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Published July 24, 2013
Precipitation Outlook(August 2013–January 2014)
Data Source(s): NOAA-Climate Prediction Center (CPC)
The seasonal precipitation outlooks issued by the NOAA-Climate Prediction Center (CPC) in July call for slightly increased chances for above-average precipitation in western New Mexico and eastern Arizona during the August–October periods (Figure 11a). This region, particularly in southwest New Mexico and southeast Arizona, is where the monsoon is most vigorous. This region is also off to a good start to the monsoon, with many areas experiencing above-average rain (see Monsoon Summary). However, forecasting the monsoon is difficult because many phenomena can influence the amount of rain that falls, including the El Niño Southern Oscillation (ENSO) and tropical hurricane activity. In September, for example, monsoon precipitation can be boosted by incursion of moisture driven by tropical storms, and this year there is some indication that hurricane activity will be above average.
For the 3-month seasons following the August–October period, the CPC forecasts equal chances that precipitation will be above, below, or near average (Figures 11b–d). These forecasts reflect uncertainty in the fate of ENSO which exerts a large influence on Southwest precipitation during the winter. The current forecast calls for ENSO-neutral conditions (see El Niño Status and Forecast), which can deliver either above- or below-average rain to Arizona and New Mexico (whereas La Niña and El Niño events tend to deliver below-average and above-average precipitation, respectively).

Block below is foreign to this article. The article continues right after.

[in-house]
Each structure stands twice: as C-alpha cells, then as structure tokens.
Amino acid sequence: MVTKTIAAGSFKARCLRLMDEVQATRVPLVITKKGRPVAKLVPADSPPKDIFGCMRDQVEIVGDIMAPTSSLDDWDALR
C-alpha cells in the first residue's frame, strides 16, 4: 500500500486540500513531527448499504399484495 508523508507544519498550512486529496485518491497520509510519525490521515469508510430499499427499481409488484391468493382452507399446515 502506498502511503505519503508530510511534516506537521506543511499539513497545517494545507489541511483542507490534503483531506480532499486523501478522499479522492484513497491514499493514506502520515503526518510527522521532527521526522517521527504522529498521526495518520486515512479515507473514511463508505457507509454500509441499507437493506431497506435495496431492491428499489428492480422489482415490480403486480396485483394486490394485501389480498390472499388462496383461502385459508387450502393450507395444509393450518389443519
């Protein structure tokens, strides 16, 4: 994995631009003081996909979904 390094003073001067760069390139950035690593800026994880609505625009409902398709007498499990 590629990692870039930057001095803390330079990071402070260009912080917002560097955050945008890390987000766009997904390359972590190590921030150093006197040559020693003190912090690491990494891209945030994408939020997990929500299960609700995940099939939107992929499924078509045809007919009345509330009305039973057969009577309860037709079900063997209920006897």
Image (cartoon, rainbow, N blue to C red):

These outlooks predict the likelihood (chance) of above-average, average, and below-average precipitation, but not the magnitude of such variation. The numbers on the maps do not refer to inches of precipitation.
The NOAA-CPC outlooks are a 3-category forecast. As a starting point, the 1981–2010 climate record is divided into 3 categories, each with a 33.3 percent chance of occurring (i.e., equal chances, EC). The forecast indicates the likelihood of one of the extremes—above-average (A) or below-average (B)—with a corresponding adjustment to the other extreme category; the “average” category is preserved at 33.3 likelihood, unless the forecast is very strong.
Thus, using the NOAA-CPC precipitation outlook, areas with light green shading display a 33.3–39.9 percent chance of above-average, a 33.3 percent chance of average, and a 26.7–33.3 percent chance of below-average precipitation. A shade darker green indicates a 40.0–50.0 percent chance of above-average, a 33.3 percent chance of average, and a 16.7–26.6 percent chance of below-average precipitation, and so on.
Equal Chances (EC) indicates areas where no forecast skill has been demonstrated or there is no clear climate signal; areas labeled EC suggest an equal likelihood of above-average, average, and below-average conditions, as a “default option” when forecast skill is poor.
Seasonal precipitation forecast downscaled to the local scale::
Southwest Climate Outlook Staff
- Michael Crimmins, UA Extension Specialist
- Stephanie Doster, Institute of the Environment Editor
- Gregg Garfin, Founding Editor, Institute of the Environment
- Zack Guido, Managing Editor, CLIMAS Associate Staff Scientist
- Nancy J. Selover, Arizona State Climatologist
- Jessica Dollin, CLIMAS Publications Assistant
- Dave Dubois, New Mexico State Climatologist
Please direct your Southwest Climate Outlook comments and suggestions to Zack Guido.
The CLIMAS Web site contains official and non-official forecasts, as well as other information. While we make every effort to verify this information, please understand that we do not warrant the accuracy of any of these materials.... Read full disclaimer